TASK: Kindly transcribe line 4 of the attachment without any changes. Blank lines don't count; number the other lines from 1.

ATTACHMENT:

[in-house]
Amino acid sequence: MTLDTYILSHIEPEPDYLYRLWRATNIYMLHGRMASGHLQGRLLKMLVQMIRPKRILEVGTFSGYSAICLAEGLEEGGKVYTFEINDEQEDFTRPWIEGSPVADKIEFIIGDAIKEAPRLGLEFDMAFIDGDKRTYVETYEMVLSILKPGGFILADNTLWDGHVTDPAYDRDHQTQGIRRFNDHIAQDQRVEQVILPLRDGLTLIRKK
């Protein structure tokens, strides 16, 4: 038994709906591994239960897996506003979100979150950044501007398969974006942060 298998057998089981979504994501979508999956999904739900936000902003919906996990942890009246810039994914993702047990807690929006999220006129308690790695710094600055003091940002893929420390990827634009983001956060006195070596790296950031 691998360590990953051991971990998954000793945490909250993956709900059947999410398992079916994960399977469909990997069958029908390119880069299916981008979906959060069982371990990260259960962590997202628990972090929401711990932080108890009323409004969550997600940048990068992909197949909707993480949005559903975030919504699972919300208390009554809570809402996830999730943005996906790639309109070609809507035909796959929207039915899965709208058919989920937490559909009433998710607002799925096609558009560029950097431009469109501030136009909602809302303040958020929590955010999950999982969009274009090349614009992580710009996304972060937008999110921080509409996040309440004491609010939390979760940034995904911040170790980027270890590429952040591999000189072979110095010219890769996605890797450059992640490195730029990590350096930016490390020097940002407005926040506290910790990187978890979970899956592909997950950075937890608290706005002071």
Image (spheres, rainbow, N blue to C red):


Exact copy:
Image (spheres, rainbow, N blue to C red):